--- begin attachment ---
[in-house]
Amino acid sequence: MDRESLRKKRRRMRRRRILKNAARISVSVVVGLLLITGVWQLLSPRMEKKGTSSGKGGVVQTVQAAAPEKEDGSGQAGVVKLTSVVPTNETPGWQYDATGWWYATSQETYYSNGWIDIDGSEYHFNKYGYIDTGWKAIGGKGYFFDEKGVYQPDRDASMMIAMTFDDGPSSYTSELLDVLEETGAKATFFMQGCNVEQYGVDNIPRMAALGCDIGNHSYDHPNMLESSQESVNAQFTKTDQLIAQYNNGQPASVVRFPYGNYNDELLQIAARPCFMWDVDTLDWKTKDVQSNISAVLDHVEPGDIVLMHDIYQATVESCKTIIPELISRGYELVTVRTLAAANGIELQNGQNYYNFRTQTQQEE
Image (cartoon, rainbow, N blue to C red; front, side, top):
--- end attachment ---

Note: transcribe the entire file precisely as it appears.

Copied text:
[in-house]
Amino acid sequence: MDRESLRKKRRRMRRRRILKNAARISVSVVVGLLLITGVWQLLSPRMEKKGTSSGKGGVVQTVQAAAPEKEDGSGQAGVVKLTSVVPTNETPGWQYDATGWWYATSQETYYSNGWIDIDGSEYHFNKYGYIDTGWKAIGGKGYFFDEKGVYQPDRDASMMIAMTFDDGPSSYTSELLDVLEETGAKATFFMQGCNVEQYGVDNIPRMAALGCDIGNHSYDHPNMLESSQESVNAQFTKTDQLIAQYNNGQPASVVRFPYGNYNDELLQIAARPCFMWDVDTLDWKTKDVQSNISAVLDHVEPGDIVLMHDIYQATVESCKTIIPELISRGYELVTVRTLAAANGIELQNGQNYYNFRTQTQQEE
Image (cartoon, rainbow, N blue to C red; front, side, top):